This story originally appeared on NJ Spotlight.
For the first time in modern New Jersey history, the public can see how Democrats and Republicans are planning to redraw legislative districts before a commission votes on a new map to govern state elections for the next decade.
“Here we are, an historic first,” said Henal Patel, director of the democracy and justice program at the New Jersey Institute for Social Justice and a member of the Fair Districts Coalition pushing for greater transparency in the process, including the release of maps before a final vote. “The Apportionment Commission deserves a lot of credit for releasing these maps at this point in the process, with time for public feedback before a map is confirmed.”
The maps, posted on the New Jersey Legislative Apportionment Commission website Monday, are named Turnpike and Parkway to try to keep partisanship out of discussion of the proposals, although it appears the Turnpike map embodies more Democratic goals and vice versa. The Parkway map would draw 24 districts with a Democratic advantage, 10 leaning Republican and six split, based on 2017 gubernatorial election results. The Turnpike map would give Democrats a 28-10 edge with two split districts.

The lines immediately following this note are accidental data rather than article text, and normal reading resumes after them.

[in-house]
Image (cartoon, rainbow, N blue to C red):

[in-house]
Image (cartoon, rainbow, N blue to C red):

Using 2017 gubernatorial results is misleading in many parts of the state, particularly South Jersey, where Republican Jack Ciattarelli did better last year than Kim Guadagno fared in 2017 and where the GOP flipped six seats in the Legislature. Currently, the number of registered Democrats is greater than Republicans in 29 of 40 districts. But Republicans have been elected to represent a number of those districts.
Where the parties have an edge
The Parkway map looks to give Republicans an edge in two central Jersey districts both currently held by Democrats: the 14th, based in Mercer, and 16th, based in Somerset. The Turnpike map would make South Jersey’s 2nd District and 8th Districts, both split before Republicans took control of them last year, lean more Democratic.
Advocates and political observers hailed the posting of the parties’ plans, which had formerly been kept confidential until a final vote. But some warned about reading too much into the maps.